It’s interesting the way that a tussle within a short strech of the pendulum, say between P and S, can be really important to progress of a field, but to the folk aligned to the left of M, it looks like silly in-fighting. I fear that the political left sometimes confuses the internal discussions with the external discussions, and could do with a bit of the brash confidence of the right in the pretence that there is common-sense position. Folks who believe that rocks don’t move much can too easily interpret the movement of stones as a lack of a bedrock.

So … a case study in this is the open source movement. And the promised Git of the title. I mentioned above the gratis vs libre concept. I think the big pendulum has been swinging from the A as “economically foolish” to Z as “economically sound”. Meanwhile open source has branched off into a diversity of approaches, from purist to hybrid. At the purist end we find git hub.

I am not a programmer, but I think understand the concept of github. Don’t just share the source code like on sourceforge: host the source code in a shared place where it can actually be used/played/run. Taking the concept of open source one step further to where it can be worked on together. Github is clearly an amazing thing, but to assume that it is the only trajectory of open source would be to misunderstand the way fields develop.

[postscript prompted by the comment from Graham Klyne: I refer here to a tendency to see the live editible source model as an answer to everything. That tendency doesn’t necessarily come from users/advocates of github but of people like me who grasp what it offers. I call it “githubification” and I mean that not as a negative comment on github, but as a caution that a borrowed model cannot necessarily be applied to a long standing problem space like sharing learning materials, and magically work. I think that sharing learning materials is a socio-technical issue, like sharing code, and that though the technical solution might look the same, the sociological/human factors might not be.]

So there we have it. No doubt riddled with inaccuracies and misunderstandings, but this is my take on the Git and the Pendulum.

Excited to be heading off tomorrow to the Flossie 2012 Conference.

I’ll be speaking as myself, sharing an overview of different forms and characteristics of openness in universities. For me this is a chance to meet with other women working in open tech and open culture, and to reflect on the sorts of initiatives I’ve been working on for nearly a decade.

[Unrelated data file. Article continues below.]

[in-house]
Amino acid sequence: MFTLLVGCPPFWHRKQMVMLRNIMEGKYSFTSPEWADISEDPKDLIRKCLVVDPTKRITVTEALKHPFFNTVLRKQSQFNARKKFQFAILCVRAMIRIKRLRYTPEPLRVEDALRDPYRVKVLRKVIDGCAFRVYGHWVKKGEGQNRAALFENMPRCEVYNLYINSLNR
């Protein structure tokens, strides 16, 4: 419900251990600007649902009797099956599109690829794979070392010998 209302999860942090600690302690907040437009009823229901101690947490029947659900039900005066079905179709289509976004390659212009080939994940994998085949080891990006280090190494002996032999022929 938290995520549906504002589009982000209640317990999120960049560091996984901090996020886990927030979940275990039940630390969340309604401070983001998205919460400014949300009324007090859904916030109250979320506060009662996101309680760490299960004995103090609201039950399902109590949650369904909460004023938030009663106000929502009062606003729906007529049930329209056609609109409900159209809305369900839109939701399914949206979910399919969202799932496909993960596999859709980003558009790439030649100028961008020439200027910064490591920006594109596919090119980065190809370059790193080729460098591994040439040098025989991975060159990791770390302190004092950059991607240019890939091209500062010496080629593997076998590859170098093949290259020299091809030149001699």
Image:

Here’s my slides

Looking forward to it!

This is a bit of a risky post. I enjoyed the NMC Metatrends in educational technology, and this evening, a post on “what I’m obsessed about“. I usually try to include links and  explanations but I could take forever to prep this. Instead, I’m going to publish it quick and dirty, with just a few links, and maybe follow up with something more polished another time.

So, these are some hunches I’ve had about where the web is going over the next couple of years. It’s informed by lots of things I’ve read, and conversations with lots of clever folk developing and analysing web stuff (see end).

Here goes …

Orchestrating
This has always been part of software development, but now this is coming centre stage. And its not always about systems interoperating: its about standards (open and proprietary) for content/data that allow it to flow between places on the web. Characteristics of this orchestration of the flow are:

  • Migration – e.g how easy it is to migrate blogposts
  • Syndication – particularly rss
  • Rules – yahoo pipes led this for RSS, but now we have if this then that 

The interesting thing is that end users are starting to have this capability: we don’t have to code to orchestrate.

Hybridisation
I had thought that html5 plus e-pub plus mobile versions plus apps would lead to convergence: more samey platforms/tools. But then i had an aha moment: because of the orchestration trend, I think i’m seeing more hybrids. Say there are 15 common activities, the hottest tools won’t do all 15. They’ll do 2-5 of them really well. So people will create bespoke paths, unique orchestrations, depending on their key activities.